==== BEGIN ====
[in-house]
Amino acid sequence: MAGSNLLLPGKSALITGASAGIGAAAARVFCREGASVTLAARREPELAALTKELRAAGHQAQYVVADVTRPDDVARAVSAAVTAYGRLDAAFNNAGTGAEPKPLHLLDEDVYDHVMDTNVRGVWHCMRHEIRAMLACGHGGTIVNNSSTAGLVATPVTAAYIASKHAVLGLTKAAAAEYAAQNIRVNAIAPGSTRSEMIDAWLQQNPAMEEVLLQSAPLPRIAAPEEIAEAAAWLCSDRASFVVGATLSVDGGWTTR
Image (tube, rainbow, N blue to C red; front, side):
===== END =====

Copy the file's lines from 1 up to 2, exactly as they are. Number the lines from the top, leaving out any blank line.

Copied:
[in-house]
Amino acid sequence: MAGSNLLLPGKSALITGASAGIGAAAARVFCREGASVTLAARREPELAALTKELRAAGHQAQYVVADVTRPDDVARAVSAAVTAYGRLDAAFNNAGTGAEPKPLHLLDEDVYDHVMDTNVRGVWHCMRHEIRAMLACGHGGTIVNNSSTAGLVATPVTAAYIASKHAVLGLTKAAAAEYAAQNIRVNAIAPGSTRSEMIDAWLQQNPAMEEVLLQSAPLPRIAAPEEIAEAAAWLCSDRASFVVGATLSVDGGWTTR